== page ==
In the vestibule of piety

Another snippet from Fr. Thermos’ “The Forgotten Mystery…”, regarding the distinction or difference between clergy and laity:

“At the present time, the term ‘priest’ introduces us directly into a powerful distinction between the clergy and the people. During the first three centuries, however, when mention is made of the clergyman during the celebration of the Divine Liturgy, the term ‘president’ is used. Obviously, this is a term closely related to the term proistamenos, which St. Paul uses in First Thessalonians 5:12…The Eucharistic assembly during the first three Christian centuries presented aspects which today are entirely out of use….”

“It is a symptom of that decline – swift and sudden in the East, slower but steady in the West – in the understanding of that position of the laity as an ‘order’ in the church, a decline which begins in the fourth century. The word laikos ‘a layman’ in the East c. A.D. 300 still meant ‘one of the People (laos) of God’, with all the rights and high duties and destinies that implied. By c. A.D. 450 it had almost come to mean ‘profane’ as opposed to ‘sacred’… The veil which hid the sanctuary during the eucharist in the Syrian churches is the natural product of this frame of mind. ‘Liturgy’ is becoming the special function of the clergy alone, for their sacred character protects them in the ‘numinous’ presence of the sacrament, charged as it is with ‘terrifying’ power. The ‘profane’ laity have no such safeguard, and therefore the veil was introduced, to hide them from it rather than it from them…..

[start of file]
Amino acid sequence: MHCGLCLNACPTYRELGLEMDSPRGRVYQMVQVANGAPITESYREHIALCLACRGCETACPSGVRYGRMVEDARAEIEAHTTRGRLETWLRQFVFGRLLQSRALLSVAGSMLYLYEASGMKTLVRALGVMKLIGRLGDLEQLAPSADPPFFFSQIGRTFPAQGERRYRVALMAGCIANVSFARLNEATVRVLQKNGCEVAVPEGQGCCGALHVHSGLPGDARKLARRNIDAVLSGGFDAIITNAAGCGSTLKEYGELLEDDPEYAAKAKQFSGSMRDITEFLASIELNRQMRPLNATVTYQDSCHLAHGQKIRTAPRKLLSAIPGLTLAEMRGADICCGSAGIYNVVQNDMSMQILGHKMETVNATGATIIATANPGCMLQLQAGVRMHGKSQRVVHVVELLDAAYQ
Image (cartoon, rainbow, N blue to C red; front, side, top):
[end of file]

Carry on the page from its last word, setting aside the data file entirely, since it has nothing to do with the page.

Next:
The point of all of the above being this, when he writes: “After the incarnation of God there are no ‘prohibited’ areas for the believer. ‘As long as you are a catechumen you are in the vestibule of the church. You must enter within, to pass through the courtyard, to behold the holy things….”

This last point regarding the catechumens particularly caught my eye as I have been speaking with someone for some time, months and months, who is patiently awaiting the moment to be able to enter the church. Long story. I’m sure these words bring some comfort that he is not fully outside but, in fact, has already entered and will soon “behold the holy things”.

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